ILNews

Lucas: Nominations for 2013 Leadership in Law awards being accepted

Kelly Lucas
October 10, 2012
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EidtPerspLucas-sigWe’ve all experienced that feeling of awe as we watch another lawyer make his case in a courtroom or meeting. There is a moment when you realize “this guy is really good,” and your brain begins to analyze what he is doing to make his argument so effective and how you can put some of those strategies to work in your legal career. Whether it is the attention to detail that grabs you or the passion conveyed when making the case, some lawyers clearly lead by example.

Each year, the Indiana Lawyer recognizes and honors members of the legal profession who have demonstrated leadership in the practice of law. Because success is achieved in stages, Leadership in Law awards are categorized by years of practice.

The Up-and-Coming Lawyer award takes notice of young attorneys who have been practicing seven years or less. While their careers are still developing, these are professionals whose work has made their peers, law firm partners or even legal adversaries take notice of their dedication, talent and skills. Successful nominations in past years have showcased work ethic, involvement in professional organizations, unique approaches to problem-solving or community involvement.

The Distinguished Barrister award honors lawyers who have practiced law 15 years or more. As the name implies, these are lawyers whose work the community respects and who young lawyers aspire to emulate. As with the up-and-coming category, the reason for nominating a person can vary – the person is a skilled legal strategist, she is a dedicated mentor to young lawyers, he is a leader in civic or bar association efforts, or the attorney’s storied career in government or social service shows society the best of what the profession offers.

I encourage you to nominate an up-and-coming lawyer or distinguished barrister who you admire. Time is limited, and I realize that when it comes to discretionary projects like completing a nomination form, while our intentions are good, our follow-through can fall short. But there is something about the feeling derived from taking the time – or making the time – to do something like this that is so satisfying. It has been my experience with the Leadership in Law awards that the nomination process is sometimes as rewarding to the person submitting the nomination as receiving the award is to the honoree.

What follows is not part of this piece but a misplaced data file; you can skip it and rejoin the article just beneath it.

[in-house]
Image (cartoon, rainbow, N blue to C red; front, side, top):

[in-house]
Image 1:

More information about the Leadership in Law nomination process can be found at www.theindianalawyer.com/submit-leadership-in-law. You will be asked to complete a nomination form that includes providing a narrative explaining why you believe this lawyer deserves to be recognized. We hope that the online format will make this process efficient and effective. A form can be printed from the IL website and nominations mailed or delivered to the IL offices as well. The nominee’s résumé and letters from others in the legal community supporting your nomination are welcomed. This, as well as any other anecdotal information you wish to share, assists the awards committee in its decision making.

The deadline for submitting Leadership in Law nominations is Jan. 15, 2013. If you have questions or would like additional information, please contact me at 317-472-5233 or klucas@ibj.com. The Indiana Lawyer looks forward to honoring another group of up-and-coming lawyers and distinguished barristers in 2013!•
 

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  1. Based on several recent Indy Star articles, I would agree that being a case worker would be really hard. You would see the worst of humanity on a daily basis; and when things go wrong guess who gets blamed??!! Not biological parent!! Best of luck to those who entered that line of work.

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  3. Don't believe me, listen to Pacino: https://www.youtube.com/watch?v=z6bC9w9cH-M

  4. Law school is social control the goal to produce a social product. As such it began after the Revolution and has nearly ruined us to this day: "“Scarcely any political question arises in the United States which is not resolved, sooner or later, into a judicial question. Hence all parties are obliged to borrow, in their daily controversies, the ideas, and even the language, peculiar to judicial proceedings. As most public men [i.e., politicians] are, or have been, legal practitioners, they introduce the customs and technicalities of their profession into the management of public affairs. The jury extends this habitude to all classes. The language of the law thus becomes, in some measure, a vulgar tongue; the spirit of the law, which is produced in the schools and courts of justice, gradually penetrates beyond their walls into the bosom of society, where it descends to the lowest classes, so that at last the whole people contract the habits and the tastes of the judicial magistrate.” ? Alexis de Tocqueville, Democracy in America

  5. Attorney? Really? Or is it former attorney? Status with the Ind St Ct? Status with federal court, with SCOTUS? This is a legal newspaper, or should I look elsewhere?

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